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Your Here >>> Vocational Service

Vicational Service

Membership in Rotary is based on a member’s vocation, with each club striving to create a microcosm of its community’s business and professional world. This unique feature provides the source for Rotary’s historic commitment to vocational service, the second of Rotary’s four Avenues of Service.

Through vocational service, Rotarians are expected to adhere to and promote high ethical standards in all their business dealings, recognize the worthiness of all useful occupations, and contribute their professional expertise and skills to addressing societal problems and needs. The club and its members share responsibility for promoting vocational service.

Each club should develop projects that allow members to use their business and professional skills. Members are expected to contribute to these projects and to conduct their own business dealings in accordance with Rotary principles.

Historically, Rotarians have promoted the practice of high ethical standards as part of their commitment to vocational service. Two tools developed by Rotarians —

The Four-Way Test and the Declaration of Rotarians in Businesses and Professions —
provide a road map for practicing ethical behaviour in the workplace and other areas of life.

The Four-Way Test

The Four-Way Test was conceived in 1932 by Herbert J. Taylor, a member of the Rotary Club of Chicago who served as the 1954-55 president of Rotary International.
Having been assigned the task of saving a company from bankruptcy, Taylor developed the test as an ethical guide to follow in all business matters. The company’s survival was credited to this simple philosophy. Adopted by Rotary International in 1934, The Four-Way Test remains an essential standard against which Rotarians measure ethical behavior. The test has been translated into dozens of languages and promoted by Rotarians worldwide.

The Four-Way Test
Of the things we think, say or do:
1) Is it the TRUTH?
2) Is it FAIR to all concerned?
4) Will it be BENEFICIAL to all concerned?

Declaration of Rotarians in Businesses and Professions

This declaration was adopted by the 1989 Council on Legislation as a means of more clearly defining the high ethical standards called for in the Object of Rotary.
It provides a framework for ethical behavior that all Rotarians can use, together with The Four-Way Test, in their business and professional activities.

Declaration of Rotarians in Businesses and Professions

As a Rotarian engaged in a business or profession, I am expected to:
1) Consider my vocation to be another opportunity to serve;
2) Be faithful to the letter and to the spirit of the ethical codes of my vocation, to the laws of my country, and to the moral standards of my community;
3) Do all in my power to dignify my vocation and to promote the highest ethical standards in my chosen vocation;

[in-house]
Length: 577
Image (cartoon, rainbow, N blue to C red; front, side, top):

4) Be fair to my employer, employees, associates, competitors, customers, the public, and all those with whom I have a business or professional relationship;
5) Recognize the honor and respect due to all occupations which are useful to society;
6) Offer my vocational talents: to provide opportunities for young people, to work for the relief of the special needs of others, and to improve the quality of life in my community;
7) Adhere to honesty in my advertising and in all representations to the public concerning my business or profession;
8) Neither seek from nor grant to a fellow Rotarian a privilege or advantage not normally accorded others in a business or professional relationship. Advancing high ethical standards in the workplace

The classification principle — the guideline by which nearly all Rotary membership is determined — ensures that each club’s membership represents a cross-section of its community’s business and professional population. Classification and vocational service go hand in hand. Just as a Rotarians represent their vocation in Rotary, so too do they represent Rotary in their vocations.

Vocational Service & RI Programs
Several of RI’s programs offer opportunities to exercise Vocational Service, including:
Rotary Volunteers: put your vocational talents to work on a service project
Rotary Fellowships: start or join a vocational fellowship group
RYLA: teach young people leadership skills
Rotary Friendship Exchange: conduct vocational exchanges with Rotarians in other parts of the world

In our Club The Vocational Services Director Rtn. Somdutt Sharma is assisted by the foll: Chairman:









The Projects Taken up under Vocational Services this year are:












Year Theme 2014-15
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Club Service
Club Service
Community Services
Community Service
Vocational Service
Vocational Service
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New Generation Service
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